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Student Resources: Student Projects: Kwabena Bonsu, Beremis Perez
Biochemical Characterization of the Waf-1 p53 “Bindomers”   view PDF

Slide 1

INTRODUCTION

What is P53 gene?

Human P53 gene is a tumor suppressor gene and its resulting protein (p53 protein) is found in human cells.

Why is it the focus of so much research?

Previous research has shown that in about 70% of all human cancers, P53 gene is mutated.

Due to the mutation (deletion) to the P53 gene, the resulting p53 protein is sometimes abnormal or dysfunctional, contributing to the formation of cancerous cells


Slide 2

What does normal p53 protein do?

  • The function of the p53 protein is to prevent cells with DNA damage from going through the cell cycle.
  • p53 protein binds in sequence specific manner to sites (p53-Response Elements) in certain genes (p53-Target Genes) such as WAF-1, BAX, MDM2 etc as a transcription factor.
  • Resulting regulatory protein checks the cell cycle and directly initiates DNA-damage repair or cell destruction (Apoptosis) based on the degree of DNA damage.


Slide 3

What determines p53’s affinity to the Target genes?

  • P53 binding sites (REs) in Target genes follow a general consensus sequence and are found to be very loose

    General consensus sequence:
    5’(Pu-Pu-Pu-C A/T T/A G-Py-Py-Py)3’
Hypothesis:
The degree of phosphorylation of the p53 protein modulates it affinity for the different p53-REs.


Slide 4

Research design:
To investigate patterns of phosphorylation as a possible factor behind p53 proteins' Affinity to p53-REs in target genes,

  • The p53 protein would be made to bind to several of its target genes beginning with Waf-1.
  • The p53 proteins that bind to the target genes will be isolated and collected in an elution using a DNA-Affinity Chromatography System.
  • P53 proteins that bound to different target genes will then be studied for specific patterns of phosphorylation using the Western Blot Technique.


Slide 5

RESULTS

Western blot of DLD Cell extracts
(photo)
Lane 1: molecular markers. Lane 2: empty space. Lane 3 DLD cells nuclear extract, induced (D+). Lane 4: empty space. Lane 5: DLD cells nuclear extract, uninduced (D-).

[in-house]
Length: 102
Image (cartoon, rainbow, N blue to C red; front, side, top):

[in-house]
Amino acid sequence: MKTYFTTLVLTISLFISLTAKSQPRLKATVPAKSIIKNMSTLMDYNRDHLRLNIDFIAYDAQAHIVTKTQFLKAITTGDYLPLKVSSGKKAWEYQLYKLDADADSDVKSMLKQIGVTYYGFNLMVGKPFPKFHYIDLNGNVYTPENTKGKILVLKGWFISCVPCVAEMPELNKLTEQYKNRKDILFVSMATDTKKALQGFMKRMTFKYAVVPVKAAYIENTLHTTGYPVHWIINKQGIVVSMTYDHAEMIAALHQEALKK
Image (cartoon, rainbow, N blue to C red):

Waf 1 bindomers affinity chromatography
(photo)
WAF 1 affinity chromatography of the DLD cells nuclear extract. Lane one: flow through showing p53 protein bands. Lane 2: elution fraction from induced DLD cells. Lanes 3: elution fraction from DLD uninduced cells.


Slide 6

Western Blot

  • The collected elutions will be run on a polyacrylamide gel and the proteins be transferred to a nitrocellulose paper for probing.
  • In order to be able to see the results, series of specific phosphorylation antibodies will be used against p53

Discussion and Conclusion

  • By using antibodies against phosphorylated forms of p53 on a nitrocellulose paper which will be developed using Kodak Image Station 2000, we will be able to identify the phosphorylation status of the p53 molecules that bind to the p53 binding sites located in the target genes.

Slide 7

Mixture is poured through a magnetic column and microbeads-biotin-Waf 1-p53 complex is attracted to walls of column. P53 is isolated from complex by series of wash with KCl solution ranging from 0.1M to1.0M

(figure)

Slide 8

P53 is expected to bind to its Waf 1 binding site (probe), and the µMacs Streptavidin micro beads bind to the biotin attached to probe to form a microbead-biotin-waf1-p53 complex

(figure)


Slide 9

Abstract

P53 is a tumor suppressor protein, which functions abnormally in most human cancer. Further investigation into the mechanism behind p53 function is very useful in developing more effective anticancer preventive measures. While in normal human cells p53 is broken down by the ubiquitin protease system as soon as it is made, in damaged cells, p53 is stabilized, and activated by mechanism yet unknown. The activated p53 induces cell cycle arrest, thus allowing for cell damage repair before entry into the S phase or by destroying the damaged cell completely. P53 does this by regulating the transcription of many known target genes such as BAX, MDM2, WAF-1 etc. For p53 to regulate gene expression, p53 binds in a sequence specific manner to a p53- RESPONSE ELEMENT (p53-RE) found in the target gene, initiating its transcription. The p53-REs of target genes follow the general consensus sequence: PuPuPuC (A/T) (T/A) GPyPyPy. We suggest a p53 control mechanism based on the phosphorylation pattern of the p53 molecule. The differential phosphorylation of the various p53 molecules allows them to distinguish between different p53-REs. As of now, we have done a polyacrylamide gel electrophoresis to confirm the activation of p53 after Doxycycline was added to the cell culture. We made a nuclear extract to isolate the nuclei where p53 is found. Then we did a Polyacrylamide Gel Electrophoresis immunodetection to separate and detect p53 from other proteins respectively. After seeing p53 in the nuclear extract, and knowing that it is functional according to results from the western blot and growth curve respectively, we are set with the preliminary part of the experiment and will use the nuclear extract for the DNA Affinity step.


Slide 10

Biochemical Characterization of the Waf-1 p53 “Bindomers”

Presenter: Kwabena Bonsu (718-681-4752)
Co-research assistant: Beremis Perez
Research advisors: Dr. Patricia Molina, Dr. Sarah Salm, Dr. Lauren Goodwyn
LS-AMP, Borough of Manhattan Community College